Home > Drew Spence, Fallout Shelter, Griffin Avid, Hardware and Hardwire > ASR 10 FlexiDrive Installation and Notes

ASR 10 FlexiDrive Installation and Notes

FloppyEmulator.com Return of the Ensoniq ASR-10

Part I: FlexiDrive

Harden your Hardware and forget your Floppy – words by Drew Spence

FlexiDrive

FlexiDrive Multi-Volume mounting mission

They don’t make them like this anymore. We turn back to a time when a sampler meant you recorded audio and created…samples. The Advanced Sampling Recorder is a classic piece pulled from the days of hardware-only, in a time when a collection of crates was known as your soundbank. Writer Sean Maru has covered the ASR-10 in great detail in his Vintage Series article in issue 01 (page 35).  Here, we take a look at ‘dropping the floppy’ and adding a more modern storage system to the ASR-10.

FloppyEmulator.com is all about replacing the floppy drive on your machine with USB and SD mounted media. They cover a wide range of brands, including Kawai, KORG, Yamaha and Roland.

[More info here: http://www.floppyemulator.com/category/applications/musical-instruments/]

For this article, I will focus on my own experience with the ASR-10. I chose the $385.00 USD FlexiDriveMV-SD, which is a multi-volume SD card-reading drive. I could have also chosen the USB reader for the same functionality and cost. The idea is to have EVERY floppy disk saved on a single SD card (including the O.S. Disk). They boast a single card solution can store up to 2,500 Disks and that’s more than enough.

Faceplate and Facepalms

Firstly the disclaimer: Producer’s Edge Magazine is in no way suggesting you follow this article or video as an instructional guide and is not responsible for any damage to you or your equipment. Maintenance and upgrades should only be done by qualified persons and any attempted alterations may void your warranty.

My package from FloppyEmulator.com arrived shortly and included a nice SD card reader and a 4 Gigabyte Kingston SD card.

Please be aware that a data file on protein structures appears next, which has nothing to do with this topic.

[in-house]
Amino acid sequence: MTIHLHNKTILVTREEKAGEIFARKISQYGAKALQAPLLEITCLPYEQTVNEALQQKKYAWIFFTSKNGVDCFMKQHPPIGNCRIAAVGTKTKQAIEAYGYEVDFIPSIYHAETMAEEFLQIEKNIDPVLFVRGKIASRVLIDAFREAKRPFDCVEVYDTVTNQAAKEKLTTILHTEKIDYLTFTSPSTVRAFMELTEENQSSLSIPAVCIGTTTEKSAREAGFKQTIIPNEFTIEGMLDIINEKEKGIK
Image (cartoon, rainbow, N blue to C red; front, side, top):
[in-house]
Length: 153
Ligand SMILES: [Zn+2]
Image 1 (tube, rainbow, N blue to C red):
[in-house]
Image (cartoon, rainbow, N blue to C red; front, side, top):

There are numerous screws on the bottom of the ASR-10. I removed these to lift the faceplate and get access to the internals.

ASR-10

ASR-10 Internals

b-drives-fit-same-way

The FlexiDrive sits in the same bay and connects to the exact same cables from the floppy drive. I took pictures as a reference to see how everything was connected. I also took note that the ASR-10 was upside down, so the drive bay would be installed upside down. Although the FlexiDrive came with proper mounting screws, I reused the ASR’s screws. I used two different screw drivers, a normal Phillips for the body screws and a smaller PC Phillips-head driver for the smaller screws that secure the drive’s mounting bay. Since the holes are in a tight space, I used tweezers to hold the screw in place and then screwed down from the space above, in the drive mount’s frame.

ASR-10 Internals

ASR-10 getting Screwed

d-Hold-in-palce e-Screwing-inmplce

Once secured, I only used a few bodily screws to put the faceplate back on since I wanted to make sure the new drive worked before closing up the ASR-10. Nuts! The drive powered up, but the ASR didn’t see it. I opened her back up and re-secured the drives’ connecting ribbon and voila, we are in business. Oh wait! I forgot to make an image of the O.S. Disk before removing the floppy bay. No problem, you can find ASR-10 Operating Disk images on the internet in various places.

AND HERE: http://www.ProducersEdgeMagazine.com/griffinavid/asrosimage.zip

When I start the ASR-10, she tunes the keyboard and then asks for the systems disk. I use the browser on the front of the new FlexiDrive and load the image of the O.S. floppy and the ASR-10 boots up.

Overall, I’m quite happy with this purchase and the tech support from FloppyEmulator.com. It’s a relatively expensive solution, but when weighed against the cost, concern and hassle of maintaining an extensive library of floppy disks, it’s more than worth it. FloppyEmulator.com

**** NOTE: You can load an image of your ASR-10 Operating Disk and save it to the INTERNAL DRIVE of the FlexiDrive and load that image first upon start up.

This means you can skip the step I show of loading your ASR-10 O.S. Image every time you start the ASR-10. This is much better solution. The instructions are located in chapter 2 of the Settings & Functions pdf.

Alternatives Storage Recommendations -10 (well, maybe two, not ten)

There are other solutions for working with a single loading floppy bay emulator. The HxC Floppy Emulator is a hardware unit designed to retro-fit and can be found on a few sites and eBay for ~$70.USD

There are numerous USB to Floppy drives available, ranging from $30 to $60 USD. These work for normal PC floppy drive operations but DO NOT work for reading/writing/emulating our specialized drives and their formats.

My modern PC [Griffin Avid edit: It’s really old, but runs Windows 7 just fine] doesn’t have a floppy bay/drive so I decided to visit the nearest mom & pop computer store and pick one up for $15 USD. I had old spare ribbons sitting around and luckily, my mother board had the right slots. The next mission is to archive all of my old floppy disks, on my PC and then transfer them to the SD card reader on the ASR-10. isoBuster is next.

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  1. Simon In Australia
    December 26, 2013 at 9:34 am

    LOL@$385

    CRAZY PRICE!

    I doubt if many will be sold…..TOO EXPENSIVE

  1. December 29, 2013 at 2:53 pm
  2. December 25, 2013 at 12:54 pm

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